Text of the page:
5. I'm so sad to see that the Villa is closed. My wife and I stayed there in September 1992. We had twin beds, and a nun sat at a desk outside in the hallway! It was kind of an austere retreat. Tea was served in the afternoon. A priest came to say mass on Sunday. The garden was a peaceful place to rest or read, with a stunning view of the Arno valley. The nuns had lived there many years and could recount stories of the German occupation of the Villa during WWII. It was a magical place, run by lovely people.

  6. My twin brother and I were sent to Rome from the Milwaukee Archdiocese to reside at the Pontifical North American College and to complete our Theological studies at the Pontifical Gregorian University in 1961. We were to study for 4 years and also to be ordained as Roman Catholic priests.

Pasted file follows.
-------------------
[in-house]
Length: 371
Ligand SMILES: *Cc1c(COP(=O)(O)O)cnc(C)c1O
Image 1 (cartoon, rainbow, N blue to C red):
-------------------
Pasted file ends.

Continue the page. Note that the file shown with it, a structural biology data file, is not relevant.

At that time San Girolamo was a "rest home" run by Irish nuns. Daily cost was $5.00 per day. The Irish nuns were fantastic. When students became sick, they were sent there to recuperate.

    My twin brother got sick and spent about 2 months there in our first year and about the same time in our second year, after which he had to return to Milwaukee. I spent several days there each year to visit him.

    I also spent several weeks there recovering from an appendectomy. Further, after I was ordained, my mother, some friends and myself spent Christmastime at Fiesole I celebrated Christmas Midnight Mass for religious nuns in a church in Fiesole, followed by a daytime Mass at the Villa with the Queen of Greece in attendance.

    The Irish nuns were just wonderful human beings. That is why I retain such fond memories of the Villa.

    I too am saddened by the present state of the Villa.

    Thomas R Marlier
    Shawano Wi USA